Enterasys CEO: Total cost of ownership sets us apart

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Enterasys' Crowell on battling Cisco and HP, the emergence of fabrics, and a not-so-secret weapon named Isaac

How's this for a challenge? The CEO dies suddenly and you're tabbed to take his place -- on the heels of your network infrastructure company entering into a major new strategic partnership and in the midst of the worst economic downturn since the Great Depression. Oh, did I mention your competition includes some companies named Cisco Systems, Hewlett-Packard and Juniper Networks, among others? That's life for Chris Crowell, CEO of Enterasys Networks, who took over in 2009 shortly after predecessor Mike Fabiaschi's untimely death.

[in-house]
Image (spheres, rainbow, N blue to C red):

We compete with everybody, every day, and when we win, we win for a variety of reasons. We like to think our biggest differentiation is total cost of ownership. I can list technical differentiators -- there's customer service differentiation, there's value differentiation -- but our total cost of ownership across our complete offering is going to be better than the next guy. A key part of our sales cycle is demonstrating that our total cost of ownership is better than the next guy's.

Juniper talks about that a lot and tries to use that as a wedge against Cisco, talking about having a single software platform, for example. What do you hinge your TCO story on? What are the elements of making that case?

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